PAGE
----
Carpal Tunnel? Not Necessarily…

I had a client come in once who told me she had Carpal Tunnel Syndrome. While I was discussing her medical history with her, I discovered her doctor diagnosed her based on the numbness she felt in her left hand. However, the doctor did not perform any specific tests to determine the site of her nerve impingement..

I decided it would be best to “explore” her muscles and nerve passageways to see if I could find where the nerve signals to her hand were being interrupted. I started with the muscles on the left side of her neck. As I worked to ease the tension I felt in those muscles, I noticed the client lift her hand and touch her thumb to each of her fingers.

“Am I making the numbness worse,” I asked her.

“No, the opposite,” she said. “I have feeling in my fingers again. I haven’t been able to feel my fingers for two years!”

In my 9 years of experience as an LMT, I have seen a number of cases just like the one I described above. Often, I do run across a client who truly has CTS. But just as frequently, I see people who insist they have carpal tunnel issues and we find the impingement somewhere other than their wrist.

The nerves that control your hands and fingers branch off from a network of nerves called the brachial plexus. As the brachial plexus nerves travel from their origin near the vertebrae in the neck to the fingertips, they pass through, under, and in between a number of structures in the body. These include the following:

1. Scalene Muscles—these muscles run from the side of the neck vertebrae    down to the first and second ribs. They resemble the guide-ropes that             support a camping tent. (To feel them yourself, touch the side of your neck             with your fingertips and rub firmly back and forth. If you feel something like      taught bungee cords beneath the skin, you have found your scalenes.) If these          muscles get tight, they can pinch the brachial plexus as it passes in between,        thus interrupting the signal to the fingers.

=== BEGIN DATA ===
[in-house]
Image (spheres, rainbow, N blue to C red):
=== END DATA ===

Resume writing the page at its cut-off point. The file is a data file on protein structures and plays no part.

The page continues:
2. The clavicle and ribs—the nerves of the brachial plexus pass under the     collarbone, between it and the ribcage. Some posture issues can pull the           clavicle closer to the ribcage, thus entrapping the nerves that run through the            narrow space. (In my experience, this is not very common, but it is possible.)

3. Pectoral Muscles and ribs—one of the deepest muscles of the chest            (pectoralis minor) attaches to the 3rd-5th ribs and a point of the shoulder    blade that protrudes to the front of the body. If this muscle is tight, it presses     the nerves running deep to it against the ribs.

4. The Cubital Tunnel—if you have ever struck your “funny bone,” then you know where this place is. At the elbow, you can feel two bumps. One is the        point of your elbow, the other is a bump that protrudes from the medial side      of the arm. The space between these two bumps is the cubital tunnel, another          passageway for nerves. Inflammation of this area can lead to congestion,       which will affect the nerves at this point.

5. The Carpal Tunnel—finally, we can discuss the carpal tunnel, which is the space formed by a ligament that crosses the palm side of the wrist, and the            archway formed by eight tiny bones called the carpals. Not only do nerves      pass through this space, but so do many tendons of forearm muscles that             attach to bones in the hand and fingers. So, there’s not a lot of extra space    within the tunnel. If inflammation occurs and the sheaths that surround the             tendons become congested, it can place pressure on the nerves, resulting in           true carpal tunnel syndrome.

As you can see, there are many places along the nerve pathways where an impingement may present as numbness/tingling farther down the line. You’re probably thinking, “okay, that’s how the problem happens…how can it be fixed?” Massage therapy is able to release tension in the surrounding muscles and reduce inflammation of soft tissue. However, the more training the therapist has the better they will be able to assess and treat the ailment by addressing specific components of the problem. I always encourage clients, to seek out well-trained, knowledgeable therapists for specific problems like the one I have described in this post.

So, if you are having issues with your hands and fingers, please get in touch with me and we will determine if massage therapy is a good option for you. If you’re reading this blog from somewhere else in the country, I can help you find a reputable therapist in your area.

–Robin


Robin Faux, LMT (NM lic. 5600) has been practicing and studying massage therapy for more than 10 years. She has a degree in Integrative Medical Massage Therapy and has numerous certifications in techniques designed to relieve pain for her clients. When not massaging, Robin teaches anatomy and physiology to massage therapy students at MTTI in Las Cruces. If you want to get in touch with her, please call 719-650-9349 or email her at rfauxlmt@yahoo.com.